All the while, Jameson Taillon continued to plow his way through the Red Sox batting order, pitching five scoreless innings. In the top of the sixth, he got his first taste of trouble. A Xander Bogaerts double was preceded by a J.D. Martinez single, leaving runners on second and third with just one out. Pulling the plug on Jamo’s outing, Aaron Boone turned to his local fireman, Chad Green.

Digging deep in his first outing since the nightmare in Houston, Green was able to sit down Rafael Devers on a check swing before getting Renfroe to ground out to Chris Gittens at first. Green pitched another clean inning in the seventh before the wheels came off the wagon for the Red Sox, watching the fourth-place Yankees blow the game wide open.

Trailing by just three runs, Darwinzon Hernandez came to the mound to keep the game close. However, he did not. Following a slap single from Brett Gardner, Odor blasted a bomb to right, giving the Yankees a five-run lead:

Following the homer, Hernandez surrendered a pair of walks, leading to Alex Cora’s hook without having retired a batter. Replacing him came Brandon Workman, who, unfortunately for him, had a horribly rough day at work, man. He induced fly outs from the first two batters he faced and then walked the next one, and the next one, and then the next one, before finally getting Gardner — the guy who opened up the inning with a single — to ground out to first on a 3-1 fastball. Even worse for Hernandez was the fact that all four runs in the inning came due on his tab, since he walked the first pair, and not Workman.

Ahead 7-0, Boone turned to Zack Britton in an attempt to ease him back into live-game action in his first appearance off the IL. Even though his stuff looked as good as ever, he struggled to command the zone, fanning a pair, and walking two on 26 pitches before Lucas Luetge took over. Like Workman did to Hernandez, Luetge surrendered a single, plating Britton’s first runner on a bad throw from LaMarre, and then worked out of the inning.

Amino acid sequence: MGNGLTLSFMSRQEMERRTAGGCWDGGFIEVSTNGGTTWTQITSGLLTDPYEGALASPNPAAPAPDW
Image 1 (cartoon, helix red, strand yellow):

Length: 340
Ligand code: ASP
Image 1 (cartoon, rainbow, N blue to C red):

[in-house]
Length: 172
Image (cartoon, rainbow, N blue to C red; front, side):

In the eighth, the party continued as Odor worked a leadoff walk before LaMarre slapped a pull-side Yankee Stadium homer that wouldn’t have cleared another major league fence. A bomb was the only logical conclusion to LaMarre’s weird assortment of stats in his first MLB appearance since mid-May, including a stolen base, a throwing error, and his first RBI of the season.

As he did with Britton, Boone gave Chapman a chance to work out of his rut at the back end of a blowout. After misfiring a couple of fastballs off the backstop in his bullpen warmups, Chapman threw his first pitch about 10 feet over Gary Sánchez’s head. Then, he fell behind 2-1 on three 96=mph fastballs. Grooving another down the middle, Vázquez’s replacement, Kevin Plawecki, hit Chapman’s next 96 mph offering — literally — 411 feet at 102.9 mph towards the Yankees’ 412-foot centerfield fence. Thankfully, Gardner made a sweet grab to save extra bases, at least, earning the first out of the inning.

As if suddenly awakened by his impotence and deciding to try, Chapman threw his next four fastballs between 99.7 and 101 mph, striking out Bobby Dalbec on an absolutely vile splitter and jamming up Kiké to ground into the game’s final out. Although he opened up with more of the same ineptitude we saw before the break, Chapman’s final two outs showed signs of a return to form in his first clean inning in what seems like forever. It might not be enough to merit a full return to the closer’s role, but it’s a baby step in the right direction.

The Yankees have won a series against the Red Sox for the first time since Boston was a last-place club without purpose late in 2020. Boone’s club will have an off-day tomorrow before reconvening against the Phillies on Tuesday night in the Bronx. First pitch is at 7:05pm as Domingo Germán faces Aaron Nola.

Box Score